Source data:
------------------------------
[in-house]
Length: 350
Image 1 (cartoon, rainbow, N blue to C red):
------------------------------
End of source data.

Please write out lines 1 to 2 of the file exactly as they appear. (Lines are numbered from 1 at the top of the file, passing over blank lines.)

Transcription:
[in-house]
Length: 350